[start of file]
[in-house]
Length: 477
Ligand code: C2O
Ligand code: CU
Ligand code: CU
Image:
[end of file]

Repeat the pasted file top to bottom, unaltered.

[in-house]
Length: 477
Ligand code: C2O
Ligand code: CU
Ligand code: CU
Image: